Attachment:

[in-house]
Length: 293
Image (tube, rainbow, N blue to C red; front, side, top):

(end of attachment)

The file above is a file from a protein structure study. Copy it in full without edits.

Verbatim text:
[in-house]
Length: 293
Image (tube, rainbow, N blue to C red; front, side, top):